European Court of Justice, Cour Européenne de Justice, direct effect, effet direct, supremacy, primauté, European Union, Union Européenne, community law, droit communautaire, indirect effect, effet indirect, state liability,
According to Steiner, Woods & Twigg-Flesner, the ECJ, by interpreting the Treaties, gave direct effect and supremacy a common objective 'in the ECJ's approach: the need to ensure the effectiveness of Community law. [...] The Community would not survive if States were free to act unilaterally in breach of their obligations. If the aims of the Community are to be achieved, there must be uniformity of application.'
It is important to give definition of these two key concepts. The supremacy 'is a basic rule of Community law that [...] a directly effective provision of Community law always prevails over a provision of national law. This rule [...] applies irrespective of the nature of the Community provision [...] or that of the national provision [...]; it also applies irrespective of whether the Community provision came before, or after, the national provision: in all cases the national provision must give way to Community law.'
'The Court of Justice created the principle of direct effect, which was based upon the premise that the Treaty created rights for citizens of Member States which, if enforced by them in the courts of the Member States, would provide an additional supervisory function to that already contained in the former Arts 169 and 170 EC Treaty.' (now Arts 258 and 259 TFEU.)
The outline for this essay would be: To what extent the ECJ has ensured the effective application of European law (or the European integration by the law) via the concepts of supremacy and direct effect?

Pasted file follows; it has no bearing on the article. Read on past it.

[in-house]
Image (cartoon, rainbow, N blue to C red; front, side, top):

On the one hand we will see how the ECJ succeeded in ensuring this application of EU law, by giving a general frame to both concepts, then by developing their scope separately. On the other hand, we will see the flaws in ECJ's objective, by analyzing the role of other actors, the limits of direct effect and supremacy and finally the development of extra-concepts.
[...] Steiner, Woods, Twigg-Flesner add that ‘The criteria are, however, applied generously with the result that many provisions which are not particularly clear or precise, especially with regard to their scope and application, have been found to produce direct effects. Even where are conditional and subject to further implementation they have been held to be directly effective once the date for implementation is past.' The ECJ also developed the principle of direct effect via the concepts of vertical and horizontal direct effect. ‘A provision of Union law which is enforceable in national courts or tribunals against the state or emanation of the state, overriding any inconsistent national provisions, is said to have vertical direct effect. [...]